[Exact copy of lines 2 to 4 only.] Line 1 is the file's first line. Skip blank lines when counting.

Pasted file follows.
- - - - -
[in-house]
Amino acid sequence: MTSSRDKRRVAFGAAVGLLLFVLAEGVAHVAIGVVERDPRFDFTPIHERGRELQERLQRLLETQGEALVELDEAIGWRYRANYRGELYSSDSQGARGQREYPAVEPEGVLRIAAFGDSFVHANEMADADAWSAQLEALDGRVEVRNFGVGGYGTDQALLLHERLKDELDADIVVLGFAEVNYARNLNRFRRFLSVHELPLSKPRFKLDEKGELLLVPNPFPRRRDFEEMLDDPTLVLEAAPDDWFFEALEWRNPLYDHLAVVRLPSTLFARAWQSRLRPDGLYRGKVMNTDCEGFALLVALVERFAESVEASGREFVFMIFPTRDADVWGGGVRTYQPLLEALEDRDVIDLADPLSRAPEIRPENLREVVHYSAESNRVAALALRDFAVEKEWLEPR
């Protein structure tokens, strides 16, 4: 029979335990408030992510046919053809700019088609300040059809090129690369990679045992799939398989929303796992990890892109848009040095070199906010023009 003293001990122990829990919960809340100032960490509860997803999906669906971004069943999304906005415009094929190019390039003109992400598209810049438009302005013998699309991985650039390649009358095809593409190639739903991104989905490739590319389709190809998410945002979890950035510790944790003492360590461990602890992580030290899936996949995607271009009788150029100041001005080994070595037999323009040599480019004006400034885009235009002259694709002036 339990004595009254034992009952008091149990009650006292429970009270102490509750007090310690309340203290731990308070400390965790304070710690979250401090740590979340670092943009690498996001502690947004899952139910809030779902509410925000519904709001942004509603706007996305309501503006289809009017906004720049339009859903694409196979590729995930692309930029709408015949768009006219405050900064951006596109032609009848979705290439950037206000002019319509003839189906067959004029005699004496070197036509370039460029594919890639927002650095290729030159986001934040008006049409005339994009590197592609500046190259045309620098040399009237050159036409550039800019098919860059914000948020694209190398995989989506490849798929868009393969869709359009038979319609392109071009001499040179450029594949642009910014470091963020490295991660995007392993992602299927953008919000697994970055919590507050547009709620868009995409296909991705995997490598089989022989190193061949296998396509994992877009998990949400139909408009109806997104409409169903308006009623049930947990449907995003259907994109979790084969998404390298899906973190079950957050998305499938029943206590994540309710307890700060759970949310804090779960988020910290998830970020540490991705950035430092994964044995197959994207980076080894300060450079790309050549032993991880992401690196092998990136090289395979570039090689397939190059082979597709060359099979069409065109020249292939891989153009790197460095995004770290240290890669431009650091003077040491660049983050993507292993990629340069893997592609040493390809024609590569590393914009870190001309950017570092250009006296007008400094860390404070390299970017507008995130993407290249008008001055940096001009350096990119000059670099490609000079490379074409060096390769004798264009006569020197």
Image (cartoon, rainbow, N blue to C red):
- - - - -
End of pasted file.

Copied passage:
Amino acid sequence: MTSSRDKRRVAFGAAVGLLLFVLAEGVAHVAIGVVERDPRFDFTPIHERGRELQERLQRLLETQGEALVELDEAIGWRYRANYRGELYSSDSQGARGQREYPAVEPEGVLRIAAFGDSFVHANEMADADAWSAQLEALDGRVEVRNFGVGGYGTDQALLLHERLKDELDADIVVLGFAEVNYARNLNRFRRFLSVHELPLSKPRFKLDEKGELLLVPNPFPRRRDFEEMLDDPTLVLEAAPDDWFFEALEWRNPLYDHLAVVRLPSTLFARAWQSRLRPDGLYRGKVMNTDCEGFALLVALVERFAESVEASGREFVFMIFPTRDADVWGGGVRTYQPLLEALEDRDVIDLADPLSRAPEIRPENLREVVHYSAESNRVAALALRDFAVEKEWLEPR
């Protein structure tokens, strides 16, 4: 029979335990408030992510046919053809700019088609300040059809090129690369990679045992799939398989929303796992990890892109848009040095070199906010023009 003293001990122990829990919960809340100032960490509860997803999906669906971004069943999304906005415009094929190019390039003109992400598209810049438009302005013998699309991985650039390649009358095809593409190639739903991104989905490739590319389709190809998410945002979890950035510790944790003492360590461990602890992580030290899936996949995607271009009788150029100041001005080994070595037999323009040599480019004006400034885009235009002259694709002036 339990004595009254034992009952008091149990009650006292429970009270102490509750007090310690309340203290731990308070400390965790304070710690979250401090740590979340670092943009690498996001502690947004899952139910809030779902509410925000519904709001942004509603706007996305309501503006289809009017906004720049339009859903694409196979590729995930692309930029709408015949768009006219405050900064951006596109032609009848979705290439950037206000002019319509003839189906067959004029005699004496070197036509370039460029594919890639927002650095290729030159986001934040008006049409005339994009590197592609500046190259045309620098040399009237050159036409550039800019098919860059914000948020694209190398995989989506490849798929868009393969869709359009038979319609392109071009001499040179450029594949642009910014470091963020490295991660995007392993992602299927953008919000697994970055919590507050547009709620868009995409296909991705995997490598089989022989190193061949296998396509994992877009998990949400139909408009109806997104409409169903308006009623049930947990449907995003259907994109979790084969998404390298899906973190079950957050998305499938029943206590994540309710307890700060759970949310804090779960988020910290998830970020540490991705950035430092994964044995197959994207980076080894300060450079790309050549032993991880992401690196092998990136090289395979570039090689397939190059082979597709060359099979069409065109020249292939891989153009790197460095995004770290240290890669431009650091003077040491660049983050993507292993990629340069893997592609040493390809024609590569590393914009870190001309950017570092250009006296007008400094860390404070390299970017507008995130993407290249008008001055940096001009350096990119000059670099490609000079490379074409060096390769004798264009006569020197």
Image (cartoon, rainbow, N blue to C red):